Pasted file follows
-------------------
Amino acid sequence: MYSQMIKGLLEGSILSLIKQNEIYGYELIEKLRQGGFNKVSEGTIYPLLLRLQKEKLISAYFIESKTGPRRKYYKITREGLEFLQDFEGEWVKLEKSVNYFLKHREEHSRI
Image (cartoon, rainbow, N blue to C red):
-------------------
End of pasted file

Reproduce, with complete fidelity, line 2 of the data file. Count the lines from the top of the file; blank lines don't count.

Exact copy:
Image (cartoon, rainbow, N blue to C red):